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Adolescent, Sexual and Reproductive Health and Rights

Approximately 21 million young women aged 15–19 give birth each year—accounting for 11% of all births worldwide—and over 75% of births among women in this age-group occur in developing countries[i].  Furthermore an estimated 26 million women and adolescent girls in their childbearing years need humanitarian assistance around the world2. Pregnancy during adolescence is associated with an increased risk for adverse birth outcomes as well as complications during labour and delivery. Compared to women aged 20-24, mothers under the age of 20 face higher maternal health risks and are more likely to miscarry, have a stillbirth or to lose their newborn baby. Conditions related to pregnancy and childbirth were the leading cause of death among 15-19 year old females in 2015. 

Access to high-quality sexual and reproductive health information and services is a fundamental right. However, in many parts of the world, adolescents lack access to comprehensive information and services. This can be a result of a range of factors. Policy and legal barriers, such as restrictions on provision of comprehensive sexuality education or requirements for parental consent for access to contraception, can prevent provision of comprehensive information and services. At the same time, stigma and discrimination related to age, sexual orientation and gender identity, HIV-status, disability or marital status can prevent adolescents from accessing the information and services they need. These factors are often exacerbated in humanitarian and conflict settings which increase adolescents’ vulnerability to violence, poverty, separation from families, sexual abuse, and exploitation. During crisis adolescents experience loss of support systems and social structures which may engage them in risky sexual behaviour, increasing the risk of STIs including HIV and unplanned pregnancies.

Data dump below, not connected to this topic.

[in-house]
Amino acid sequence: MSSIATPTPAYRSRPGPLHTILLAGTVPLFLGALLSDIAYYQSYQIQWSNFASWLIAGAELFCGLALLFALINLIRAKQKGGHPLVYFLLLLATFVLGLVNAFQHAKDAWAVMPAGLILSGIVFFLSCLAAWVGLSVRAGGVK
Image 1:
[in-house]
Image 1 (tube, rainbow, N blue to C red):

Gender inequality and harmful social norms and practices (such as child marriage) further constrain girls’ and boys’ autonomy, freedom and opportunities. Furthermore, the threat and reality of sexual and gender-based violence hinders adolescents’ ability to make decisions about their sexual and reproductive health and are a direct violation of their SRH rights.

Save the Children’s Adolescent Sexual and Reproductive Health and Rights (ASRHR) programs work with adolescents, families, schools, communities, and health systems to increase the availability, accessibility and quality of sexual and reproductive health information and services across the adolescent life span. Together with ministries of Education, Health and Social Affairs, Save the Children strengthens the capacity of schools, health service providers and community organizations to provide comprehensive sexuality education to adolescents and link them to youth friendly SRH services. This enables adolescents to be better informed about their sexual and reproductive health and rights and thus able to make and act upon informed decisions about their reproduction and sexual activity free from discrimination, coercion, violence, and infection. Save the Children and its partners simultaneously work with communities to become supportive of ASRHR. The organization also implements ASRHR programs in humanitarian settings including acute, protracted crisis as well as natural disasters. As a member of the Inter-Agency Working Group (IAWG) on Reproductive Health in Crises we work with various International NGOs to provide global technical assistance and advocate for ASRHR services in humanitarian situations. In these crisis situation Save the Children often provides direct SRH services and works with health providers and youth to increase access and reduce related mortality and morbidity for this vulnerable group.

Save the Children also works across thematic areas to implement programmes to end harmful practices such as child marriage, preventing sexual and gender based violence, and promoting gender equality. These issues and themes are, amongst other topics, also part of comprehensive sexuality education.

[1] Darroch J, Woog V, Bankole A, Ashford LS. Adding it up: Costs and benefits of meeting the contraceptive needs of adolescents. New York: Guttmacher Institute; 2016

2 UNFPA, 2015

Photo: Jonathan Hyams/Save the Children

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